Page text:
Accepting the inevitability of change: What I Talk About When I Talk About Running

It was the morning after receiving final grades for all my courses in May that I decided to scour the bookshelves of the local Indigo in search of a miraculous guide that would teach me how to become the student every admissions officer and parent dreams of. Instead, as is to be expected of someone with a short attention span, I became sidetracked thumbing through novels, falling in love with the cover of a short little book by Haruki Murakami.

Murakami’s What I Talk About When I Talk About Running is a deeply introspective memoir juxtaposing the acts of writing and long distance running. Each hobby not only nurtures and sustains the other, but also teaches Murakami lessons about himself as he logs his journey towards racing the New York City marathon.

Murakami is a prolific Japanese author whose work is ethereal and dreamlike in nature, incomparably defying all rules of space and time, as he takes his readers on journeys only the most imaginative of minds can comprehend. Through all that, it’s easy to assume that Murakami must have been writing since his first utterances, because most successful people have to be engaged in the sleepless and effortful pursuit towards their dream their whole life…right?


Murakami was not always a writer. In fact, in this memoir, he recounts a time in his early twenties when he simply ran a jazz club after college — a coffee shop by day and a bar by night. The club saw decent success at the cost of working from dawn to dusk most days of the week, causing Murakami what he describes as “a great exhaustion.” Then, after several years of running the club, Murakami decided on a whim that he would write a novel. Just like that.

The issue with college is it perpetuates the belief that we shouldn’t change our minds and if we do, we must be inevitably lost and indecisive. If you entered into university with intentions of being an engineer, then find a couple years later that your sole heart’s desire is to run head first into global issues and become a journalist, you have undoubtedly wasted every second of every hour leading up to that moment.

When thinking about all of the books that advised me to focus on one goal and never deviate from it while building 10-year plans — because I can obviously see that far ahead — I realized that none of them were able to teach me the lesson that it’s okay to change your mind and that such change might be inevitable.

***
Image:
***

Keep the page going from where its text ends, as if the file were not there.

This unsuspecting memoir did.

Murakami recognized within himself that prior to this ‘eureka!’ moment, he never intended to be a novelist, but had always wanted to write a book. In response, he simply could have convinced himself that he couldn’t do it and accepted the words of his unbelievers. Instead, in the spring of 1978, he bought a fountain pen and a pack of loose-leaf from a convenience store and wrote a two-hundred-page novel.

As most experience growing up, I went through constant changes about where and who I wanted to be 5, 10, and even 20 years down the road. At nine, I wanted to be a veterinarian; at 13, I was convinced I would be the world’s next superstar plastic surgeon; and by 16, I had set my mind and efforts on law. At 18, I unpacked my bags and tacked my class schedule right next to a sheet detailing every single Canadian law school’s admission standards on the cork-board in my room at Dene House in Totem Park.

All through first year, I would take the long route to and from class to go by Allard Hall, but in the meantime, while I procrastinated on my assignments, I daydreamed story ideas, wrote feverishly and buried my head in books not found in any syllabus I was assigned. Yet still, I alienated myself from the pressing desire I had to write and woke up everyday for my 8 a.m. class on the notion that I was going to become a lawyer.

Murakami knew that he couldn’t run towards anything he desired halfheartedly, but with everything he had. He told himself, if he were to fail, he would have to accept that — but not giving all he had to his true desire would leave him regretful. He told himself that if things didn’t work out, it would be alright and that he was young and could always start over.

As university students, this concept seems difficult to grasp. The valuable lesson of being accepting and kind to oneself often goes unlearned until we meet with some sort of tragic circumstances where we have no choice but to treat ourselves gently. And as long as we continue to live, we will learn something new about ourselves. The inability to be accepting of change is a waste of time and life can fall unfortunately short. Into my final two years as a UBC undergraduate student, I learned this lesson.

What I Talk About When I Talk About Running has carried me from alienating myself from my heart’s desires to running full speed towards the things I only dreamed of doing.

And as I continue running, sometimes walking or stopping to check out the scenery, I plan to carry this lesson of acceptance and nurturing change with me until I throw my cap in the air, alongside the thousands of caps of my fellow dream-chasers and graduates who also decided that it was never too late to turn things around and become the student that they wanted to be.